Southern Made: contemporary jewelry artists

Make a statement

Atlanta’s Debra Lynn Gold finds joy at the jeweler’s bench, and it shows in her sculptural and playful metal jewelry.

Background: Gold’s love of jewelry was whetted in a small-town art school in Mexico one summer vacation during college. She returned to Indiana University and graduated with a Masters of Fine Arts degree in Jewelry Design and Silversmithing. After grad school, Gold landed her first teaching job as a college art professor in Tennessee.

The company: In 1983, Gold moved to Atlanta and opened her Debra Lynn Gold Jewelry Studio.

The goods: Cluster, choker, long charm and lariat necklaces ($250-$500); earrings ($100-$250); bracelets ($80-$250); and brooches ($100). The playfulness comes as parts rotate, interlock, slide, spin, flex and flip.

Materials: Primarily sterling silver. But Gold also uses stainless steel for structural considerations and aluminum for lightness, and, most importantly, for color.

What’s popular: Earrings, but recently, her new stackable bracelets ($80).

Big break: In addition to having her work in numerous private collections, she’s proud to have pieces included in the permanent art collections of the state of Georgia and the city of Atlanta’s Office of Cultural Affairs.

Unusual request: “A good customer asked me to design a custom necklace incorporating a mechanical heart valve like the one that had recently saved her life,” Gold said. “It was challenging — and extremely gratifying.”

What’s next: Getting reacquainted with stones and other unusual materials. Hematite and lava stones are on her bench right now. Stay tuned.

Where to buy: www.DebraLynnGold.com

Metal & modern

Award-winning jewelry artist Megan Clark had planned to pursue fashion design at Savannah College of Art and Design in Savannah. But when she was shut out of a fashion class, Clark signed up for a metals class as an elective. Weeks later, Clark changed her major — and never looked back.

Background: After graduating in 2005 with a degree in metals and jewelry, Clark moved to Raleigh, N.C., where she worked and refined her skills as a bench jeweler for several years before going out on her own.

The company: Started Megan Clark Jewelry in 2009 and became incorporated in 2012. She originally worked out of her home, but in 2010, she moved her studio to Artspace, a repurposed warehouse, in downtown Raleigh.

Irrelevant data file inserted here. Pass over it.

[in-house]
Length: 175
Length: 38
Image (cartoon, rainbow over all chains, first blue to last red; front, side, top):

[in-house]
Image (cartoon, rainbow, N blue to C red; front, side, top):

The goods: Earrings ($95-$2,100); necklaces ($295-$10,500); bracelets ($900-$3,650); rings ($165-$2,150); cufflinks ($315-$695); and brooches ($415-$925). Clark, who does not mold, stamp or laser-cut her work, fabricates each piece by hand.

Her style: Often described as “industrial elegance.”

Materials: Sterling, 18-karat yellow gold and natural gemstones (mostly diamonds, rough diamonds, and fancy sapphires). In 2010, she began incorporating stingray leather into her work after seeing it used on a handbag.

What’s haute: Stingray pendants ($295 and up); oxidized sterling earrings ($95-$165); sterling and gold earrings ($265 and up); and stacking rings ($195-$1,500).

Claim to fame: In 2013, she received a Saul Bell Design Award for her “Stingray Feathers” necklace, which was featured on the cover of Lark Books’ “500 Art Necklaces.”

What’s next: Adding to her men’s jewelry line by incorporating more color through the use of stones.

Where to buy: www.meganclarkjewelry.com. Also the annual American Craft Council show in Atlanta on March 13-15, 2015.

Glass act

Kate Rothra Fleming loves wearing distinctive jewelry. The South Carolina glass jewelry artist also likes designing it. For her, glass yields endless possibilities for color, texture and form.

Background: She grew up in Miami and earned degrees from the University of Florida and the Rochester Institute of Technology. Later, she worked for the Peace Corps as an art teacher in Botswana, where she became fascinated with cultural jewelry. In 2000, the primarily self-taught glass artist and jewelry designer opened her studio in Charleston, S.C.

The goods: Necklaces ($125 and up); earrings ($48-$325); rings ($60); and the new creature bracelets ($325-$525), using hollow beads and high silver glass.

Materials: Flameworked glass and sterling silver. “It is almost magical how glass lends itself to mimic different natural materials (like amber, stone, wood and alabaster),” said Rothra Fleming.

Big break: Collaborated with emerging designer Vartika Vikram for Charleston Fashion Week in 2012.

Claim to fame: Named one of the Top 40 International Beadmakers by Glass Line Magazine. Recently taught a workshop at Penland School of Crafts in North Carolina.

Side project: In 2010, she and her husband purchased Ocho Verde wildlife preserve, a private rainforest reserve and artist’s retreat in Costa Rica, where they are setting up a glass studio and heavily involved in wildlife conservation. Learn more at ochoverde.com.

Where to buy: katerothrafleming.com. Also the annual American Craft Council show in Atlanta on March 13-15, 2015.

Best of the South

Do you have favorite finds from around the South that you give as gifts, buy for your home or rave about to friends? If so, please send your suggestions to: lljerkins@gmail.com. Also find more Southern-made products, featured in the AJC, at Southernfinds on Facebook or twitter@southernfinds1.

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